בְּדָבָר אַחֵר — קָשֶׁה לְדָבָר אַחֵר. something else, a euphemism for a pig, it is harmful with regard to something else, a euphemism for leprosy.
רַב וּשְׁמוּאֵל דְּאָמְרִי תַּרְוַיְיהוּ: הַאי מַאן דְּעָבֵיד מִילְּתָא — לִישְׁהֵי פּוּרְתָּא וַהֲדַר לֵיקוּם — דְּאָמַר מָר: חֲמִשָּׁה דְּבָרִים קְרוֹבִין לְמִיתָה יוֹתֵר מִן הַחַיִּים, וְאֵלּוּ הֵן: אָכַל וְעָמַד, שָׁתָה וְעָמַד, יָשֵׁן וְעָמַד, הִקִּיז דָּם וְעָמַד, שִׁימֵּשׁ מִטָּתוֹ וְעָמַד. It was Rav and Shmuel who both said: With regard to one who performs the practice of bloodletting, let him wait a bit and then let him rise, as the Master said: There are five matters that render one closer to death than life, and they are these: If one ate and immediately rose, if one drank and rose, if one slept and immediately rose, if one let blood and rose, if one engaged in conjugal relations and rose.
אָמַר שְׁמוּאֵל: פּוּרְסָא דִדְמָא — כֹּל תְּלָתִין יוֹמִין. וּבֵין הַפְּרָקִים — יְמַעֵט, וּבֵין הַפְּרָקִים יַחְזוֹר וִימַעֵט. Shmuel said: The interval for bloodletting is every thirty days. And during the middle periods of one’s life, he should decrease the frequency of bloodletting; and during the later periods, he should decrease its frequency again.
וְאָמַר שְׁמוּאֵל: פּוּרְסָא דִדְמָא — חַד בְּשַׁבְּתָא, אַרְבָּעָה, וּמַעֲלֵי שַׁבְּתָא, אֲבָל שֵׁנִי וַחֲמִישִׁי — לָא. דְּאָמַר מָר: מִי שֶׁיֵּשׁ לוֹ זְכוּת אָבוֹת יַקִּיז דָּם בְּשֵׁנִי וּבַחֲמִישִׁי, שֶׁבֵּית דִּין שֶׁל מַעְלָה וְשֶׁל מַטָּה שָׁוִין כְּאֶחָד. And Shmuel said: The times for bloodletting are the first day of the week, the fourth day of the week and Shabbat eve. However, on the second and the fifth days of the week, no, one should not let blood, as the Master said: Only one who has the merit of his ancestors and relies on it should let blood on the second and on the fifth days of the week, as the court on High, in the heavens, and the court below are equal. The courts in the cities convene on Mondays and Thursdays, as does the heavenly court. Letting blood on a day of judgment is dangerous. If one is judged unfavorably all his blood could flow out.
בִּתְלָתָא בְּשַׁבְּתָא מַאי טַעְמָא לָא? מִשּׁוּם דְּקָיְימָא לֵיהּ מַאְדִּים בְּזָוֵוי. מַעֲלֵי שַׁבְּתָא נָמֵי קָיְימָא בְּזָוֵוי! כֵּיוָן דְּדָשׁוּ בֵּיהּ רַבִּים — ״שׁוֹמֵר פְּתָאִים ה׳״. The Gemara explains: On the third day of the week, what is the reason that one does not let blood? It is because the planet Mars is dominant during the even hours. Since it is a planet of blood, and the even hours are a bad omen, that combination gives cause for concern. The Gemara asks: On Shabbat eve, Mars also dominates during the even hours. The Gemara answers: Since the multitudes have already become accustomed to letting blood on Shabbat eve, the verse: “The Lord protects the simple-hearted” (Psalms 116:6) applies in this case.
אָמַר שְׁמוּאֵל: אַרְבַּע דְּהוּא אַרְבַּע, אַרְבַּע דְּהוּא אַרְבֵּיסַר, אַרְבַּע דְּהוּא עֶשְׂרִים וְאַרְבְּעָה, אַרְבַּע דְּלֵיכָּא אַרְבַּע בָּתְרֵיהּ — סַכַּנְתָּא. Similarly, Shmuel says: On the fourth day of the week that is the fourth day of the month; on the fourth day of the week that is the fourteenth of the month; on the fourth day of the week that is the twenty-fourth of the month; and on the fourth day of the week after which there are not four days remaining in the month it is dangerous to let blood.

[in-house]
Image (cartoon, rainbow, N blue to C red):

רֹאשׁ חוֹדֶשׁ וְשֵׁנִי לוֹ — חוּלְשָׁא. שְׁלִישִׁי לוֹ — סַכָּנָה. מַעֲלֵי יוֹמָא טָבָא — חוּלְשָׁא. מַעֲלֵי יוֹמָא דַעֲצַרְתָּא — סַכַּנְתָּא. וּגְזַרוּ רַבָּנַן אַכּוּלְּהוּ מַעֲלֵי יוֹמָא טָבָא מִשּׁוּם יוֹמָא (טָבָא) דַעֲצַרְתָּא, דְּנָפֵיק בֵּיהּ זִיקָא וּשְׁמֵיהּ ״טָבוֹחַ״, דְּאִי לָא קַבִּלוּ יִשְׂרָאֵל תּוֹרָה — הֲוָה טָבַח לְהוּ לְבִשְׂרַיְיהוּ וְלִדְמַיְיהוּ. Bloodletting on the New Moon and on the second day of the month causes weakness; bloodletting on the third day of the month leads to danger. Bloodletting on the eve of a Festival causes weakness; bloodletting on the eve of the festival of Shavuot leads to danger. And the Sages issued a decree prohibiting bloodletting on the eve of every Festival due to the festival of Shavuot. On Shavuot, an evil spirit named Tibbuaḥ, from the Hebrew word meaning slaughter, emerges, as had the Jewish people not accepted the Torah on the festival of Shavuot, Tibbuaḥ would have slaughtered their flesh and their blood. Consequently, it remains a dangerous day.
אָמַר שְׁמוּאֵל: אָכַל חִטָּה וְהִקִּיז דָּם — לֹא הִקִּיז אֶלָּא לְאוֹתָהּ חִטָּה. וְהָנֵי מִילֵּי לִרְפוּאָה, אֲבָל אַקּוֹלֵי — מֵיקֵיל. Shmuel said: If one ate wheat and afterward let blood, he only let that wheat. The bloodletting was ineffective as the wheat replaced any blood that was let. And this ineffectiveness applies only if he let blood to cure an illness; however, to relieve discomfort, bloodletting after eating wheat relieves one’s discomfort.
הַמַּקִּיז דָּם, שְׁתִיָּיה — לְאַלְתַּר. אֲכִילָה — עַד חֲצִי מִיל. One who lets blood should engage in drinking immediately; he should not engage in eating until the time that it takes to walk half a mil has elapsed.